Allan Jaynes Stanton, a 2nd-generation AZ native and lifelong resident, prolific father and longtime lobbyist, died in the early morning of Monday, March 9, 2020 with loving family by his side. Born to Filmore Stanton and Dorothy Jaynes in the eastern AZ mining town of Morenci on April 26, 1931 and raised in nearby Clifton, Allan excelled academically and athletically throughout his early years. His father Filmore and grandfather A.C. “Ike” Stanton, a state senator who represented the Phelps Dodge-dominated copper mines of Greenlee County, owned and operated a local ice plant and wholesale liquor business in which Allan often worked.
Allan lettered 16 times in sports at Clifton High, participating in football, baseball, track, basketball, and tennis. In ‘48 he was named Third-Team All-State football end and Class C tennis champ, as well as Class B tennis champ the following year, and was the recipient of the Bausch and Lomb Science Award.
He went on to study at the University of Arizona, being one of 22 AZ high school students awarded the James Baird scholarship, and earned a BA in liberal arts, political science and history. He was freshman class treasurer, senior class president, homecoming king, chairman of the student senate, winner of the distinguished Military Science Graduate Award as the outstanding Armor Cadet, and played basketball and football for four years.
As a result of his admiration for his cousin, UofA Hall of Famer Henry “Hank” Stanton, Allan had always been a defensive end. He needed his helmet and shoes to hit 170 lbs on the scale, but his fiery determination made up the difference. One day, after losing 41-0 to Texas Tech, he convinced Head Coach Bob Winslow to start him as QB, despite never having played the position. The very next game Allan ran and passed against New Mexico for over 490 yards, a school record only broken 45 years later in ‘96, and set several other school records as well. In ‘51 he was named an All-America honorable mention, but suffered a severe knee injury in his senior season that effectively ended his aspirations of playing professional football and ultimately steered him toward his future legal career.
After completing his undergraduate studies, Allan enrolled in UofA College of Law and attended one year while also coaching the university’s freshman basketball team before departing for the service. His military service with the armor branch was spent at the Armored Replacement Training Center at Fort Knox, primarily as a legal officer.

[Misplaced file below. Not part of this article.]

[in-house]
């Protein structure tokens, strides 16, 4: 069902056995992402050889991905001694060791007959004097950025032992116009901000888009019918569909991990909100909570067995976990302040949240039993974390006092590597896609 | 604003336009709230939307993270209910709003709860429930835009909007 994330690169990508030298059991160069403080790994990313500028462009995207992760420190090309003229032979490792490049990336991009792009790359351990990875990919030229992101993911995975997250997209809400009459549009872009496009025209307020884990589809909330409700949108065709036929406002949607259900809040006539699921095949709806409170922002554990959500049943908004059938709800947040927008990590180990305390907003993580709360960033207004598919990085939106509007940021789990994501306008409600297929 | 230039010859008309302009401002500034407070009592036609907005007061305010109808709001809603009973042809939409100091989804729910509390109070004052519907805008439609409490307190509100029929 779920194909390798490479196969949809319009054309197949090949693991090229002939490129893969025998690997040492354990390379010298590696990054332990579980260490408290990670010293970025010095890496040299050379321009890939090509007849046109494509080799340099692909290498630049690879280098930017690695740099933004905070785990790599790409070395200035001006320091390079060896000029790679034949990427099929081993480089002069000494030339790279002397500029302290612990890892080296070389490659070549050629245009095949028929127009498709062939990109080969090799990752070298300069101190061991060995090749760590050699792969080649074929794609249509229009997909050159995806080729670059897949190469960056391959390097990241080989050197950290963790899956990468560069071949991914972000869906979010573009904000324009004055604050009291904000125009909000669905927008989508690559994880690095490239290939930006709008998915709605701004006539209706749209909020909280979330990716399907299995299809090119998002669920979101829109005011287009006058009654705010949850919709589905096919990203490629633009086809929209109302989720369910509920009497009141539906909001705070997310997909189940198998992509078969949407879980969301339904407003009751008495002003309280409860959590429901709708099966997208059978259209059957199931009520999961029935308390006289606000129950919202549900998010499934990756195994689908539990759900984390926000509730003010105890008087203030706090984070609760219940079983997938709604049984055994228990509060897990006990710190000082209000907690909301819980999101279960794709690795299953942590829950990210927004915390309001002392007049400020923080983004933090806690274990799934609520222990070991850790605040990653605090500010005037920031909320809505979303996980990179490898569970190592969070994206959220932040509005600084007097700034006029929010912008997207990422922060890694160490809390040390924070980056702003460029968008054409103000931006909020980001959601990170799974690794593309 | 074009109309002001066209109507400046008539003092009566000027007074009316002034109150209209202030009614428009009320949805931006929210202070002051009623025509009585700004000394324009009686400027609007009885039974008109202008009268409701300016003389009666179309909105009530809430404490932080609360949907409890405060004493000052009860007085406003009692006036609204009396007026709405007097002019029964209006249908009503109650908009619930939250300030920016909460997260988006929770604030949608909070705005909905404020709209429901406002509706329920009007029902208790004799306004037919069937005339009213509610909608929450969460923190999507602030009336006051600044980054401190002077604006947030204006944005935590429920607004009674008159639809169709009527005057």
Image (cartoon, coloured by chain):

Allan was honorably discharged with the rank of Captain and returned to UofA law school to complete his studies, where he resumed coaching the freshman basketball team and also ran the servicemen’s center for the YMCA in Tucson. He graduated 1st in his law school class.
Allan would go on to become one of AZ’s top lobbyists with a career spanning nearly 50 years, representing a multitude of clients along the way such as the railroads, hospitals, developers, insurance companies, and others such as American Express, General Motors, 7-11, Robson Communities, and many more.
Allan was the chief architect of the revised property tax system for the legislature in the late 60s, and maintained an encyclopedic knowledge of tax law. Among his other treasured accomplishments was his contribution to the passing of the AZ Safety Belt Use Law, which saved many lives.
As a columnist once noted, his “open collars and short-sleeved shirts make him look more like a tourist than front man for some of the nation’s largest corporations.” This casual manner, however, belied Allan’s intense competitive drive which propelled him to both athletic success in his youth and professional success later in life. And despite the negative perception lobbying may have, Allan had a well-known reputation for integrity dating back to when he reported an apparent bribery attempt at the Arizona Corporation Commission in the 60s that triggered impeachment proceedings. He was honest and straightforward to a fault, and if he had an opinion, you were sure to hear it.
Allan was an avid athlete throughout his life, playing volleyball, handball, basketball, and tennis. Perhaps the only sport he didn’t excel in was golf, in which it’s rumored he set the record for farthest golf club throw. Coaching was another of Allan’s great joys. He coached for many years at every level from Little League and Pop Warner to high school football and college basketball.